The 10+2 requirements are just the latest in a series of initiatives to secure U.S.–bound freight traveling in containers while in transit. Following the terrorist attacks in the United States on September 11, 2001, the U.S. Congress enacted several critical pieces of legislation designed to reduce the vulnerability of the maritime transportation system to terrorist attack.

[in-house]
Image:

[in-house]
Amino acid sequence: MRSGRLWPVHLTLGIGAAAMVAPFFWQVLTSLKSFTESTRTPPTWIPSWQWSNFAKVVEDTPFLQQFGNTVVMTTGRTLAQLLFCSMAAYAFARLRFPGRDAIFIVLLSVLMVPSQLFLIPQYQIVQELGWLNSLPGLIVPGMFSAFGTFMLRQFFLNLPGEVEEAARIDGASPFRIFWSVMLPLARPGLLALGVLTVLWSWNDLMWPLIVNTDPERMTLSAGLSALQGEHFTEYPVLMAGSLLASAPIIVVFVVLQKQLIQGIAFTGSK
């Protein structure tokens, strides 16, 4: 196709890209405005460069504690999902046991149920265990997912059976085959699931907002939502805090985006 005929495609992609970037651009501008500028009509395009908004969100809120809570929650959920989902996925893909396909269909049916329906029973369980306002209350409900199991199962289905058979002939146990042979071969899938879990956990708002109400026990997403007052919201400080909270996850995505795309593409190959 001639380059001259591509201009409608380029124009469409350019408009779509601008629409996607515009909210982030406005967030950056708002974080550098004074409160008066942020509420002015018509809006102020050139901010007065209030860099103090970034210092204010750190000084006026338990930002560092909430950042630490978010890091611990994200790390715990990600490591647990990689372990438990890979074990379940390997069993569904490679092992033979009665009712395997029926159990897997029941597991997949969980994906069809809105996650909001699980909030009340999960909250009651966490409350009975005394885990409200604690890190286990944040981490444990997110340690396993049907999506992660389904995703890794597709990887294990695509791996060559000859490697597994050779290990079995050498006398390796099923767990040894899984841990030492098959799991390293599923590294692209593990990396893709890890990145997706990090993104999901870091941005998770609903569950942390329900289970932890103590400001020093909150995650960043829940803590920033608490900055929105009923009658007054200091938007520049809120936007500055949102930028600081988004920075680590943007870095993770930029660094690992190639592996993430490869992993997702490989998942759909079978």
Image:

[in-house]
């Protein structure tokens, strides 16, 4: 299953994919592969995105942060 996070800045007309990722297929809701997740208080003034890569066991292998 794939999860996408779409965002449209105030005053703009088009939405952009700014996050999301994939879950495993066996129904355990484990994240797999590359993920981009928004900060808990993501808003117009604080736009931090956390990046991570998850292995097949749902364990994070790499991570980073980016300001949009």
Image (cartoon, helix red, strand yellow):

The 2002 Maritime Transportation Security Act (MTSA) tasked the U.S. Coast Guard with coordinating all Federal maritime and port-level security planning and incidence response operations. The Security and Accountability for Every Port Act, or SAFE Port Act (2006), required that USDHS work with relevant public and private sector partners domestically and internationally to develop and implement a strategic plan to "enhance the security of the international supply chain" (USDHS 2007). CBP is responsible for ensuring the security of containerized cargo through a number of initiatives (table 11). Through these initiatives, CBP has taken the lead internationally in organizing customs agencies' efforts to develop uniform and enhanced security practices, and has implemented new container evaluation, scanning, and risk management procedures.